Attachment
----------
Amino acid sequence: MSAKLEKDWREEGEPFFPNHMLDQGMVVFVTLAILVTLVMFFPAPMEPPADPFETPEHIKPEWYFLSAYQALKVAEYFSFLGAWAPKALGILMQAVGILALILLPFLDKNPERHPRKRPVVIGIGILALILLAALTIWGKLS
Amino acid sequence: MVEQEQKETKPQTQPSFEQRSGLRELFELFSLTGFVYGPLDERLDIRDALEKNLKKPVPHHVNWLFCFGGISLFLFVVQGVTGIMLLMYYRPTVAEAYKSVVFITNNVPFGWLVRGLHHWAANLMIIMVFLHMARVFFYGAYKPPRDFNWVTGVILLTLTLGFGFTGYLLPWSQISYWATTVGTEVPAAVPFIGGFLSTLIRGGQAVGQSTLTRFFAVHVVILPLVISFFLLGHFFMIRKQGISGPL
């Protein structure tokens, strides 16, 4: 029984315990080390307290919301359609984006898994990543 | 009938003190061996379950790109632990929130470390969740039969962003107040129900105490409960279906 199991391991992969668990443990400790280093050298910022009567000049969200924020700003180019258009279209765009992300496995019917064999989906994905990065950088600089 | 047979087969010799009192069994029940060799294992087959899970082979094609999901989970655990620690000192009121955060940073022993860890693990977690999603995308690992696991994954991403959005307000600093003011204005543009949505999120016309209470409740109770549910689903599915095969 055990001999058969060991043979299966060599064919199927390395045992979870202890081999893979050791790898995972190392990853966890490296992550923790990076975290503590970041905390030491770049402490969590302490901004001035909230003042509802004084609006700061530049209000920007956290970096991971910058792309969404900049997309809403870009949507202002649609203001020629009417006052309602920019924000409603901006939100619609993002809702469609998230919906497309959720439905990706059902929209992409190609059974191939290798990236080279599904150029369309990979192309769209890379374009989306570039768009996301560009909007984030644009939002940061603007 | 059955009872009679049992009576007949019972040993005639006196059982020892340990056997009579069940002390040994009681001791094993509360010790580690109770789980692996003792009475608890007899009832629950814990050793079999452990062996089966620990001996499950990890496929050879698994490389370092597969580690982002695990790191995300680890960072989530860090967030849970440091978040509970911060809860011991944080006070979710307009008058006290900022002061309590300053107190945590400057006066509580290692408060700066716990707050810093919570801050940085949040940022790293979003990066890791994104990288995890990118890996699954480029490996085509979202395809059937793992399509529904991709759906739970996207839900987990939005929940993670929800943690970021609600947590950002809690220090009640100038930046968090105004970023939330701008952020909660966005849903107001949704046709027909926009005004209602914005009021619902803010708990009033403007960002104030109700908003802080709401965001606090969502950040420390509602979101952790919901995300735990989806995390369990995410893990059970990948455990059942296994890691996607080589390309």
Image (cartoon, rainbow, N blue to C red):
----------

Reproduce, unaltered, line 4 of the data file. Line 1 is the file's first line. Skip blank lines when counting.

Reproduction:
Image (cartoon, rainbow, N blue to C red):